Dendrogram of 138 lotus accessions obtained by unweighted pair group method with arithmetic mean cluster analysis of data from amplified fragment length polymorphism markers. Simple similarity values are given at the bottom of the dendogram. Numbers on the right of the dendrogram indicate the 138 lotus accessions and correspond with Table 1. Roman numerals I and II indicate the two groups that were discriminated by a similarity coefficient of 0.45. Groups Ia and Ib, and IIa and IIb are the subgroups of Groups I and II, respectively. Ia1 to Ia2 and IIa1 to IIa15 are the subclusters within subgroups Ia and IIa, respectively.

  • View in gallery

    Principal coordinates analysis of 138 lotus accessions on the basis of amplified fragment length polymorphism markers. The numbers at each dot indicate the 138 lotus accessions and correspond with Table 1. The accessions within the four groups formed are identical to those in Groups Ia, Ib, IIa, and IIb in the dendrogram constructed by unweighted pair group method with arithmetic mean.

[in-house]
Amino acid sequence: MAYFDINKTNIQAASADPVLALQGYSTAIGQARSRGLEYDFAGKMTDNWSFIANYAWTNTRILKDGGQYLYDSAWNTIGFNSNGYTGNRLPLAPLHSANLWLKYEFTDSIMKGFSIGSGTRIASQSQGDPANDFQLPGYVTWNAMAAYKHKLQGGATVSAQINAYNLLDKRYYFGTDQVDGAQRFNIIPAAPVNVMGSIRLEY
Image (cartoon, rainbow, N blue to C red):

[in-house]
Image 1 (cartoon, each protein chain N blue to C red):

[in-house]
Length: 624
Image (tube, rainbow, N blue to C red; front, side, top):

• View in gallery

    Population structure of 138 lotus accessions on the basis of amplified fragment length polymorphism markers. Each individual accession is depicted by a thin rectangle that is broken into four colored segments that represent the estimated membership fractions of the four clusters (C1, C2, C3, and C4). Numbers under each thin rectangle indicate the 138 lotus accessions and correspond with Table 1.

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  • GuoH.B.LiS.PengJ.KeW.2007Genetic diversity of Nelumbo accessions revealed by RAPDGenet. Resources Crop Evol.54741748

  • HanY.C.TengC.Z.ChangF.H.RobertG.W.ZhouM.Q.HuZ.L.SongY.C.2007aAnalyses of genetic relationships in Nelumbo nucifera using nuclear ribosomal ITS sequence data, ISSR and RAPD markersAquat. Bot.87141146

    • Search Google Scholar
    • Export Citation
  • HanY.C.TengC.Z.WahitiG.ZhouM.Q.HuZ.L.SongY.C.2009Mating system and genetic diversity in natural populations of Nelumbo nucifera (Nelumbonaceae) detected by ISSR markersPlant Syst. Evol.2771320